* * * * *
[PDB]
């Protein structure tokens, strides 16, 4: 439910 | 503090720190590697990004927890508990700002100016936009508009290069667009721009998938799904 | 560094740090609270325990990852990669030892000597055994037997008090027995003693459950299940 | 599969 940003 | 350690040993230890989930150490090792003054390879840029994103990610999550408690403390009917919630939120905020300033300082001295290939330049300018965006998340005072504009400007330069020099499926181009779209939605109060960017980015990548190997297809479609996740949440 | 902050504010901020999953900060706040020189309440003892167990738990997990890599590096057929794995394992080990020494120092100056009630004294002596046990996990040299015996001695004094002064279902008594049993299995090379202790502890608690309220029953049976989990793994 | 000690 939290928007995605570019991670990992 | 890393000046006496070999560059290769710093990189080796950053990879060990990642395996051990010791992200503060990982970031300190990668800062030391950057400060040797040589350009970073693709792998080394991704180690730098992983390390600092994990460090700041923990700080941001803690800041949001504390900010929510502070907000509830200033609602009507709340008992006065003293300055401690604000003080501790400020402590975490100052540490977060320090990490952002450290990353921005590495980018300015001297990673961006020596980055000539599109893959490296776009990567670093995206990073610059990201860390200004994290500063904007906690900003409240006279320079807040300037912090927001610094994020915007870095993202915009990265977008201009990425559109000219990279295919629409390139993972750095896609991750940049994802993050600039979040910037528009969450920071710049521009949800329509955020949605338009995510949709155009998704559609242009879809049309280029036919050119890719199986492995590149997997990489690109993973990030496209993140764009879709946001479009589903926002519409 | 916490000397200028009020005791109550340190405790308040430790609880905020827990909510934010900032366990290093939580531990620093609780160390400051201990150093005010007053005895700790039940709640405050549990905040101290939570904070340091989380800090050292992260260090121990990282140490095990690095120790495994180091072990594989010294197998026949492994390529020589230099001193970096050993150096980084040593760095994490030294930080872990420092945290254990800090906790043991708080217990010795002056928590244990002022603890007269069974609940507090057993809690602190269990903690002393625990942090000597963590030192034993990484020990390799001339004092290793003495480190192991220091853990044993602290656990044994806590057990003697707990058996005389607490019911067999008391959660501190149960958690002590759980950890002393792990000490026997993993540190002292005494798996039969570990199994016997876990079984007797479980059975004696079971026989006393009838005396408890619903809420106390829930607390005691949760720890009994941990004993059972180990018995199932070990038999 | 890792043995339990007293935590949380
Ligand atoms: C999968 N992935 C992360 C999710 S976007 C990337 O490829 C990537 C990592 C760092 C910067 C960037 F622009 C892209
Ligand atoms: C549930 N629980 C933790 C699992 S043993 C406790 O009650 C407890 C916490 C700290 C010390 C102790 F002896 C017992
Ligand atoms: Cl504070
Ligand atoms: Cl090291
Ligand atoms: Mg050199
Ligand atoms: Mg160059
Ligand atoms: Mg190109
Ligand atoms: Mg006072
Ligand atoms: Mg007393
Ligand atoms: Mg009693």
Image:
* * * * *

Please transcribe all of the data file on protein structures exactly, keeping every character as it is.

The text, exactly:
[PDB]
């Protein structure tokens, strides 16, 4: 439910 | 503090720190590697990004927890508990700002100016936009508009290069667009721009998938799904 | 560094740090609270325990990852990669030892000597055994037997008090027995003693459950299940 | 599969 940003 | 350690040993230890989930150490090792003054390879840029994103990610999550408690403390009917919630939120905020300033300082001295290939330049300018965006998340005072504009400007330069020099499926181009779209939605109060960017980015990548190997297809479609996740949440 | 902050504010901020999953900060706040020189309440003892167990738990997990890599590096057929794995394992080990020494120092100056009630004294002596046990996990040299015996001695004094002064279902008594049993299995090379202790502890608690309220029953049976989990793994 | 000690 939290928007995605570019991670990992 | 890393000046006496070999560059290769710093990189080796950053990879060990990642395996051990010791992200503060990982970031300190990668800062030391950057400060040797040589350009970073693709792998080394991704180690730098992983390390600092994990460090700041923990700080941001803690800041949001504390900010929510502070907000509830200033609602009507709340008992006065003293300055401690604000003080501790400020402590975490100052540490977060320090990490952002450290990353921005590495980018300015001297990673961006020596980055000539599109893959490296776009990567670093995206990073610059990201860390200004994290500063904007906690900003409240006279320079807040300037912090927001610094994020915007870095993202915009990265977008201009990425559109000219990279295919629409390139993972750095896609991750940049994802993050600039979040910037528009969450920071710049521009949800329509955020949605338009995510949709155009998704559609242009879809049309280029036919050119890719199986492995590149997997990489690109993973990030496209993140764009879709946001479009589903926002519409 | 916490000397200028009020005791109550340190405790308040430790609880905020827990909510934010900032366990290093939580531990620093609780160390400051201990150093005010007053005895700790039940709640405050549990905040101290939570904070340091989380800090050292992260260090121990990282140490095990690095120790495994180091072990594989010294197998026949492994390529020589230099001193970096050993150096980084040593760095994490030294930080872990420092945290254990800090906790043991708080217990010795002056928590244990002022603890007269069974609940507090057993809690602190269990903690002393625990942090000597963590030192034993990484020990390799001339004092290793003495480190192991220091853990044993602290656990044994806590057990003697707990058996005389607490019911067999008391959660501190149960958690002590759980950890002393792990000490026997993993540190002292005494798996039969570990199994016997876990079984007797479980059975004696079971026989006393009838005396408890619903809420106390829930607390005691949760720890009994941990004993059972180990018995199932070990038999 | 890792043995339990007293935590949380
Ligand atoms: C999968 N992935 C992360 C999710 S976007 C990337 O490829 C990537 C990592 C760092 C910067 C960037 F622009 C892209
Ligand atoms: C549930 N629980 C933790 C699992 S043993 C406790 O009650 C407890 C916490 C700290 C010390 C102790 F002896 C017992
Ligand atoms: Cl504070
Ligand atoms: Cl090291
Ligand atoms: Mg050199
Ligand atoms: Mg160059
Ligand atoms: Mg190109
Ligand atoms: Mg006072
Ligand atoms: Mg007393
Ligand atoms: Mg009693």
Image: